Top Tip

While the pin is out of the hinge, grab a pipe cleaner or long straw brush and insert it into the empty hinge chamber. It’s a great way to remove the debris inside to stop the hinge from squeaking.

3. Replace the Pin

Gently tap the pin back in place using the hammer and nail. As the pin descends into the hinge chamber, it pushes the excess vaseline out of the top. Use a clean rag to wipe away the residue.

With Paraffin Candle Wax

1. Try Lubricating Without Removing the Hinge Pin

If you can get rid of the squeak without removing the hinge pin, it will make your life easier. Take the paraffin wax candle and rub it against the hinge, pushing the wax deep into the hinge mechanisms.

Try the door, and if the noise has gone, you’ve just saved yourself from performing a more in-depth job. If not, move to the second stage.

2. Remove the Hinge Pin

Tap the hinge pin out using the hammer and nail and place it somewhere safe. The door comes away from the hinge bracket when you remove the pin. To keep it safe, lean the door against a wall.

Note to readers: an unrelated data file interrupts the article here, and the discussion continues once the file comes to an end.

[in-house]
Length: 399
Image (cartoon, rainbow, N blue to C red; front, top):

3. Melt the Paraffin Wax

Cut off a small chunk of the candle and drop it into a small microwaveable dish. Melt the paraffin in the microwave for between one and two minutes until it is completely melted.

If you don’t have a microwave, you can use a saucepan and an electric stove to perform this task.

Important Point

Don’t heat the candle wax on a gas stove because it releases vapors. These vapors could ignite near naked flames.

4. Coat the Hinge Pin

Hold the hinge pin over a paper plate and pour the melted wax over, ensuring you coat the shaft of the pin.

5. Replace the Pin

Pop the pin back into the hinge, taking care to line up the door. Gently tap it in place using the hammer and nail. Again, get someone to hold the door while you do this if you struggle.

Now test the door to see if the squeak has gone. If you still have a squeak, rub more wax onto the hinge.

Keep In Mind

You may need to coat the pin several times before you get success. Also, while you would normally wipe away the excess, this method requires keeping the wax in situ.